Los Angeles, CA
|The ShadowlandsiTunes Artist's PageiTunes Album Page|
|1.||The White Buffalo||07:43||$0.99|
|4.||Apparition At Timber Creek||08:59||$0.99|
|5.||The Aliens of los Angeles||06:16||$0.99|
|7.||The Shadowlands: I. —||09:51||$0.99|
|8.||The Shadowlands: II. —||04:51||$0.99|
|9.||The Shadowlands: III. —||06:35||$0.99|
Teresa LeVelle is no alien to Los Angeles—she lives there—but she grew up on a Kansas farm surrounded by prairie in all directions. Little wonder then that her musical landscape includes silence, stillness and openness as well as intense drama and vivid colors. There is mystery where these worlds meet, and time and nature operate differently. Now hear how it sounds.
She is not alone on The Shadowlands, the first CD devoted to her work. Indeed, she is surrounded by a herd of exceptional talent. Danilo Lozano’s flute has earned him many a Grammy Award and listening to him play The White Buffalo it is easy to see why: conjuring up haunting visions of spirits, storms and untamed nature on the wild tall-grass prairie is just the beginning. Star sax player David Dees commissioned the title track, The Shadowlands for soprano saxophone and string quartet, for presentation at the World Saxophone Congress. It is hard to imagine a smaller venue for this energetic landmark work.
The accolades stack up further with performers such as bassist Michael Cameron, pianist Stephen Cook, percussionist Theresa Dimond, cellist Alexander Ezerman, violinists Mark Menzies and John Haspel Gilbert and harpist Ann Yeung. You can be certain you are hearing LeVelle’s music the way it was meant to be. This CD is only partially from Kansas but you can expect to be blown away.
MUSIC AND VISION
Kansas born composer Teresa LeVelle has just turned forty and has a doctorate in composition from Indiana University. On the face of it that could mean she is yet another of those energetic academic campus mediocrities giving more attention to anticipated accolades from equally dreary peers than to uninhibited creative thinking itself. But in this enterprising début CD of her instrumental works, generously supported in part by Whittier College, Los Angeles, where she has been assistant professor and principal composition tutor for the last six years, LeVelle seems to prove otherwise. The title piece, The Shadowlands, is a substantial three-movement concerto for the frequently neglected soprano saxophone and string quartet -- a piece that deserves to be taken up by players not only as a quirky and challenging addition to a limited repertoire, but also for the sheer pleasure it would give to audiences. Its first movement for instance, neatly structured, exploits the idiosyncratic virtuoso qualities of the solo instrument impressively, with accompaniment from the inventively used strings [listen -- track 7, 3:34-5:05] and is followed by a quiet atmospherically effective movement and a bright finale, the whole lasting just over 26 minutes. The soloist David Dees commissioned this work for the XII World Saxophone Congress, and Dees also plays in Kanza, a piece inspired by birdsong (the title means The Wind People, a native Siouan-speaking tribe) for flute, soprano saxophone and cello. Flautist Danilo Lozano plays alongside intriguing recorded sounds in a solo piece, The White Buffalo, in which the high and low registers are contrasted most effectively in the return from the heights -- and its ominous 'drums' -- towards its close [listen -- track 1, 5:30-7:17]. Ignis Fatuus ('Deceptive Fire') is for solo cello (Alexander Ezerman), and Apparition at Timber Creek is another atmospheric reverie for harp and double bass, again using the unexpected instrumental partnership to generate inventive ideas [listen -- track 4, 2:34-3:41]. A notable characteristic of LeVelle's style is the tentative beginning, each piece venturing in softly, timidly testing the water and hoping there is no-one around when she enters. The technique is appealing, drawing as it does the listeners' attention gradually into a shy world of colour. There is a song, The Aliens of Los Angeles, sung by soprano Carol Stephenson with piano and percussion accompaniment, and this is the only track I found unattractive, its text by Dan Daniel poor and, if anything (though I wouldn't use it) more suitable for recitation than vocalization. The whole CD is, however, an enjoyable exposition of LeVelle's creative resourcefulness, something I would hope that has already matured on paths individual enough not to be led astray by fashion or (worse still) critics or academic pressures. From the sound of it, I doubt she will be!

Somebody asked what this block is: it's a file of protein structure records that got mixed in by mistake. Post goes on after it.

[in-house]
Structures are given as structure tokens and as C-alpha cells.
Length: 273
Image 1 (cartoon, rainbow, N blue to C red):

by Patric Standford
[A] promising debut chamber-music collection.
by Ken Smith